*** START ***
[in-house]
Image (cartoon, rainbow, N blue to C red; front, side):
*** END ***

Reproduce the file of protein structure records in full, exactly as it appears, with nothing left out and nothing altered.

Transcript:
[in-house]
Image (cartoon, rainbow, N blue to C red; front, side):